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Eric Wessels for MN House

It’s the perfect time to join the influx and influence of the non-traditional politician.

About Me

Meet Eric J. Wessels

I am a graduate from Wartburg College in Waverly, IA where I was a two sport athlete and a biology major. I am a practicing Chiropractic Physician and my professional degree is from Northwestern College of Chiropractic in Bloomington, MN.

I played two seasons of American Football in Germany.  I have been a volunteer athletic trainer for multiple local high schools, featured on two episodes of Pros vs. Joes, a Sports reality show on the SpikeTV Network, and I continue to play summer baseball in a local men’s league. I’m involved with Wounded Warriors and Paralyzed Veterans of America. My hobbies include writing, as I am a self published author of two books and enjoy building furniture out of reclaimed barn wood.

Eric Wessels

Why I Am Running

Now is the time for me to join my family's legacy of service to this country that spans three generations and it's the perfect time for me to join the influx and influence of the non-traditional politician at the local and the national level.

Eric Wessels

Eric Wessels
Republican Candidate for MN Representative
Minnesota House District 48A


Health Care vs Coverage

Health care, almost universally, cannot be denied. The question is who bears the costs and what is the patient 's responsibility.

In the age of Obamacare healthcare provider choices have shrunk while patient deductibles have increased dramatically. Minnesota has long been known as a medical innovator. Let's require the same from our healthcare providers. Minnesota could lead the nation and open its borders and its markets to a national healthcare provider network. Increased competition has always brought out the best of industries in a defined space. Lower costs, improved products and customer loyalty are the shared rewards for the consumers and the providers and the health coverage industry could do the same.


Minnesota's current commitment to education spending is over 40% of the total state budget. Putting that into per student terms that number is $12,647 while Minnesotans, when asked, what the state spend per student responds $3,000. A four-fold gap between rhetoric and reality and worse yet, this spending shows no correlation to improved scores on standardized testing and actually proficiency in core subjects like reading and math have fallen in recent years. With this level of spending, how can it be possible that teachers lack the resources to successfully educate students. So what's the answer to the poor testing? Bureaucrats will answer with economic myopia and insist on greater spending and in Minnesota we have, but studies have shown administrative spending has surged while teacher's pay and money for classroom supplies has lagged. How we spend on education needs its own thorough examination and those results can reveal how best to allocate funds to maximize our investment in education. In stark contrast, private schools charge less for tuition than government schools spend but show better outcomes. Therefore, spending more is a poor plan, spending more wisely is a good one. The student should be the focus, not the system.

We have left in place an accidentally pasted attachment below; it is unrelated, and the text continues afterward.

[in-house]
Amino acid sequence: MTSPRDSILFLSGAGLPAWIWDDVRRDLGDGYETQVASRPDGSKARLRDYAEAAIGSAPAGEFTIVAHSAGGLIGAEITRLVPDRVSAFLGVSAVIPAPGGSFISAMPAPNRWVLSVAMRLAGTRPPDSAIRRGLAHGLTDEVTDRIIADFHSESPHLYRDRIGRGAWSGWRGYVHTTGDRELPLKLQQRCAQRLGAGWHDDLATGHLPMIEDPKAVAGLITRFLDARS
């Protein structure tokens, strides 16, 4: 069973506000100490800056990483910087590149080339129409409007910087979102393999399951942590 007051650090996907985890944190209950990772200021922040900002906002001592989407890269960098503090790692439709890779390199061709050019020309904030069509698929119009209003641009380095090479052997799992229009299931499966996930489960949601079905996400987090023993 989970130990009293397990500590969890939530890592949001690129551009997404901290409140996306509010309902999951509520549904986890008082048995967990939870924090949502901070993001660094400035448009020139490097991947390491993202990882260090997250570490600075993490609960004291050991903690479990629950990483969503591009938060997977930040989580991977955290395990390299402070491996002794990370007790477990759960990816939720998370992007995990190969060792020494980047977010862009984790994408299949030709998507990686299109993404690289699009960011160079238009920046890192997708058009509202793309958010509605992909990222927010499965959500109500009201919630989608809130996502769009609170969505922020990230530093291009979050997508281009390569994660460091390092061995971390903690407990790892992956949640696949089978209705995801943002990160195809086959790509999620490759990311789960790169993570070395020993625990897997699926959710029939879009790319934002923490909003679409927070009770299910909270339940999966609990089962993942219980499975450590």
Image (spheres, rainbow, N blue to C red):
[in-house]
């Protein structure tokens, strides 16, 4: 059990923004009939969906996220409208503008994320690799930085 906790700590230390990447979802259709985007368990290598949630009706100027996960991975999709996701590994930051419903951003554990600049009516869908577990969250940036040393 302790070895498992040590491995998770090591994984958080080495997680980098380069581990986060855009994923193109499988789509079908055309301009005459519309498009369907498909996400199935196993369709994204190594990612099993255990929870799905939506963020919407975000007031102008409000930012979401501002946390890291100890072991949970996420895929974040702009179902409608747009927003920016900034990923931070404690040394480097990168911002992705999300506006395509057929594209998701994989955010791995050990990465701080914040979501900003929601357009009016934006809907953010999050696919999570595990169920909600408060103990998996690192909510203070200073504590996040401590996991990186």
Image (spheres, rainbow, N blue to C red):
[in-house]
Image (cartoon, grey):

Fiscal Stewardship

Transparent and prudent use of tax payer funds. Minnesota democrats claim the budget surplus is a product of spending restraint, however since government produces nothing, accurate projections and accounting should produce a zero sum gain. Anything above dollar one is confiscatory and should be returned to the tax payer and not dumped into the never itemized morass of the "General Fund." This would certainly be prudent considering Minnesota's reserves currently sit around two billion dollars.

Minnesota's current estate tax exemption is three million dollars for 2020. Minnesota's larger family farms of this value and higher face significant tax burdens as ownership passes to the next generation. Raising our estate tax exemption to match the federal rate would help maintain family ownership and pride in Minnesota grown and limit the industrial takeover in agriculture.

Comprehensive Climate Change

Investigation and review of the costs and benefits of new and current power sources to the energy infrastructure. This should include current age and mechanical health of power sources, cost to recycle, repair or replace, impact on landfills, and availability and efficiency feeding the grid.

mission & vision

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